- Home: We have used an SVG image of a home that has the floor plan with each room having a light bulb. Since we can’t ship a real working home automation system to you, I have created a virtual smart home with an SVG image and an icon for each room’s light bulb. This home understands commands to toggle the light in each room, and we will see how can we do it via the Watson Conversation API.
- Virtual Agent: The virtual agent runs on the PubNub BLOCK. Its job is to decipher the commands sent by the homeowner and trigger the specific action on the home. For interpreting the commands, it relies on the Watson Conversation service.
- Command Window: The UI that the homeowner can use to instruct the virtual agent.
To power this virtual agent, we rely on two backend cloud services.
- Watson Conversation API: Available as a service in the IBM Bluemix catalog, Watson Conversation service provides us with all the tools to build a context aware, dialog system that can be used to power chatbots. At PubNub, we have used it to power our virtual agent that is hosted on PubNub BLOCKs.
Refer to the README file to setup your conversation service and PubNub BLOCKs service.
For building this app, you will need to create a Bluemix and PubNub account. Visit the IBM Bluemix signup page and PubNub service page to create your respective accounts. Both of the services offer a free tier account to play around with their offerings.
Operations performed by the Virtual Agent
There is no limit to the the kind of dialogs that you can build with the Watson Conversation service. However, to keep things simple and to show you the most basic novelty of this concept, let’s define the most common commands that we usually perform upon our home appliances.
[Turn on bedroom]
Here, Turn on is the intent and bedroom is the entity. When we issue this command, we are instructing the virtual agent (PubNub BLOCK) to switch on the bedroom light. Below is an illustrated example of how the messages flow across the system components to make this work.
In a similar way, we can send control commands affecting other rooms for turning on / off the lights:
- turn on childrenroom
- turn on livingroom
- turn on kitchen
- turn on portico
- turn off bedroom
- turn off childrenroom
- turn off livingroom
- turn off kitchen
- turn off portico
We have also defined an “is” intent used for monitoring purposes. This helps us to query the present state of the room light.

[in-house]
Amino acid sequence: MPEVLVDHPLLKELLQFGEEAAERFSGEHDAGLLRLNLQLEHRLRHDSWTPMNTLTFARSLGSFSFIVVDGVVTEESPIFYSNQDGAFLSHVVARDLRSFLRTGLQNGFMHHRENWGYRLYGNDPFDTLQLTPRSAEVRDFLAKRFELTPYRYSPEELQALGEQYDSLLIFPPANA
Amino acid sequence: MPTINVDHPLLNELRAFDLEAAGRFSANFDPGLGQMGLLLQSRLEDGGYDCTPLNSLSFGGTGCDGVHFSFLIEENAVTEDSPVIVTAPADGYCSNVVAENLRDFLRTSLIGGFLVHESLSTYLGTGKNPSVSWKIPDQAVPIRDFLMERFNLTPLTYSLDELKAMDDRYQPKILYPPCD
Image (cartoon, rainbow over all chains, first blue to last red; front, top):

[is bedroom on]
The virtual agent’s JSON response for this command is:
"Message": "Status bedroom"
This way, we can clearly decipher the chat commands and instruct the home gateway to either perform an action or report the status on a specific device/appliance inside the home.
Extending the capability of the Virtual Agent
All these intents and entities are predefined in the Watson Conversation service workspace instance that we have created for this app. So in case, we want to extend its capability, we can easily do so by adding more intents and entities.
Now that we have a virtual agent that can understand our desires to turn on or turn off the lights in our home, what more can we do? As it turns out, with Watson Conversation service’s dialog builder, we can build more complex dialogs and program our agent to perform more tasks.
So here is a challenge for you. How about dimming the lights of your home?
You can write a “dim on” and “dim off” intent for the individual rooms or you may choose to define a “dim all” intent that affects all the lights, as shown above.
With the Watson Conversation service, the cognitive computing wave has reached a new level. From mere number crunching and predictions based on data, we have moved on to the realm of natural language interaction with machines. One can imagine all those device control dashboards with countless buttons and widgets, getting replaced by a plain and simple chat interface. And, along with PubNub BLOCKS, developers can create rich and intuitive experiences for the users just like this home automation virtual agent.
So buckle up and give it a shot. Follow the docs and learn to build the dialog for Watson Conversation service to add those new intents for dimming the lights. And, please do share your experience with us!